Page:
Part of the Eric Ambler season on BBC Radio 4, which also includes a two-part adaptation of Epitaph for a Spy, and a biographical drama about Eric Ambler and Hollywood director John Huston's collaboration on war film The Battle of San Pietro.

Eric Ambler's pre-war novels remain the base upon which his reputation rests. Fresh and exciting, they laid out the ground for writers such as Le Carré and Deighton. During the years before WWII, Ambler created the image of the modern spy. He was hailed by Graham Greene as ''our greatest thriller writer''.

These are novels of education. The protagonist typically thinks of himself as a skilled reader of personality and motive - and then gets everything wrong. Ambler thrusts his hapless heroes - teachers, engineers and writers - into a world of political intrigue. Set mostly in Europe, the novels paint haunting panoramas of intrigue and villainy. Credible heroes, realistic settings and vivid evocations of the nervous, politically-charged years that led to World War II, evoke the queasy atmosphere and conspiratorial politics of 1930s Europe.

Alec Graham . . . Daniel Rigby
Berlinsky . . . Simon Scardifield
Jose . . . Simon Scardifield
Dr Haller . . . Matthew Marsh
Josette . . . Olivia Ross
Mr Kuvetli . . . Atilla Akinci
Colonel Haki . . . Raad Rawi
Mme Mathis . . . Carolyn Pickles
Mathis . . . Sam Dale
Steward . . . Ronny Jhutti

Director . . . Sasha Yevtushenko
Dramatist . . . Nick Perry


SAT 22:00 News and Weather (m0004sfw)
National and international news from BBC Radio 4.


SAT 22:15 Across the Red Line (m0004mh2)
Series 3

Should cultural artefacts be returned to their country of origin?

Anne McElvoy returns with the series that invites figures from opposing sides of a political issue to listen to each other - and to come to an understanding of the beliefs, aims and experiences that inform their position.

In the first episode, historian Dr Zareer Masani and the Guardian columnist and former chair of the National Trust Sir Simon Jenkins discuss the principles underlying the question of whether objects of cultural or artistic significance should be returned to the places from whence they came?

Producer: Phil Tinline


SAT 23:00 Brain of Britain (m0004lfv)
Heat 6, 2019

(6/17)
Russell Davies asks the questions in the sixth of this year's heats. Who were the architects of Paris's Pompidou Centre? Which superhero was played by Chadwick Boseman in 2018? Which 20th century Prime Minister had the shortest tenure in office?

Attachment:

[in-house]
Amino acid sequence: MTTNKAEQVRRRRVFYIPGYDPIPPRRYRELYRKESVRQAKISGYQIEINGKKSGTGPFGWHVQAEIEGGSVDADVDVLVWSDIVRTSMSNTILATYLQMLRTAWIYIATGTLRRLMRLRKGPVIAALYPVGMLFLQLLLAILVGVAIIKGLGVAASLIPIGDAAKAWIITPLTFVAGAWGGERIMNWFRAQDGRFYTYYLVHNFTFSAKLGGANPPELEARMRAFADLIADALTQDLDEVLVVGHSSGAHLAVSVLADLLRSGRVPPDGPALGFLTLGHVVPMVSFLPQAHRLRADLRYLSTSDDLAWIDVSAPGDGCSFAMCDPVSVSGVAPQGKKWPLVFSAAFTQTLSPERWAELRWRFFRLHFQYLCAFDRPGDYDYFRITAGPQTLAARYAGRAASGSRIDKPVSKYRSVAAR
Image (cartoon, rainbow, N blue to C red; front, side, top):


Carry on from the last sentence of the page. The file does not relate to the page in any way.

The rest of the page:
Today's contest comes from MediaCityUK in Salford, and the winner today will take another of the automatic places in the semi-finals in the summer.

The competitors are:
Bob Currie, a legal investigator from Bramall in Stockport
Michael Harrington, a retired teacher from Rochdale
Liz Hartley, a retired university librarian from Lancaster
Mike Meakin, a hospital operating department practitioner from Harrogate

Producer: Paul Bajoria


SAT 23:30 Poetry Please (m0004l9x)
John Hegley

John Hegley joins Roger McGough with his selection of poems from his own and others' work. They're joined by writer and comedian Arthur Smith to help them read a compilation of favourite poems chosen by listeners and by John himself to reflect his love of words and rhythm. The programme contains very strong language

Producer: Maggie Ayre



SUNDAY 05 MAY 2019

SUN 00:00 Midnight News (m0004sg9)
National and international news from BBC Radio 4


SUN 00:30 Short Works (m0004mcm)
The Ice Child

Birth, growth and magic in an original short work by Kirsty Logan, read by Nicola Ferguson.
Producer: Eilidh McCreadie


SUN 00:48 Shipping Forecast (m0004sgn)
The latest weather reports and forecasts for UK shipping.


SUN 01:00 Selection of BBC World Service Programmes (m0004sh1)
BBC Radio 4 joins the BBC World Service.


SUN 05:20 Shipping Forecast (m0004shd)
The latest weather reports and forecasts for UK shipping.


SUN 05:30 News Briefing (m0004shs)
National and international news from BBC Radio 4.


SUN 05:43 Bells on Sunday (m0004sj5)
St Nicholas, Durweston in Dorset

Bells on Sunday comes from the church of St. Nicholas, Durweston in Dorset. The present ring of six bells were hung in 1911. The tenor weighs ten hundredweight. We hear them ringing some call changes.


SUN 05:45 Profile (m0004sdv)
[Repeat of broadcast at 19:00 on Saturday]


SUN 06:00 News Headlines (m0004syq)
The latest national and international news headlines.


SUN 06:05 Something Understood (b078wl22)
The Twilight Zone

The film The Revenant was filmed only at twilight, to capture the natural light ‘when God speaks’, in the words of its star Leonardo DiCaprio. This is just the latest example of a fascination with that shift from daytime to night that has absorbed poets, writers, artists and those with faith and of none.

Journalist Malcolm Doney explores - with poetry, prose and music - how we respond to this twilight zone, both in our surroundings and within ourselves.

Presenter: Malcolm Doney
Producer: Jonathan Mayo
A TBI Media production for BBC Radio 4


SUN 06:35 On Your Farm (m0004sys)
Shumei Natural Agriculture

Verity Sharp visits a farm in Wiltshire which follows the principles of the Japanese spiritual movement, Shumei. Shinya Imahashi, the farm manager, describes how so-called Natural Agriculture is a way of farming based on a deep respect and regard for nature. He doesn't use any fertilisers, manure or pesticides on the farm, and plants the same crops year after year, instead of rotation planting. Shinya believes that the soil regenerates itself, and that Natural Agriculture restores human beings’ inherent connection with the earth.

Producer: Beatrice Fenton


SUN 06:57 Weather (m0004syv)
The latest weather forecast.


SUN 07:00 News and Papers (m0004syx)
The latest news headlines. Including a look at the papers.


SUN 07:10 Sunday (m0004syz)
Edward Stourton presents the religious news and current affairs programme.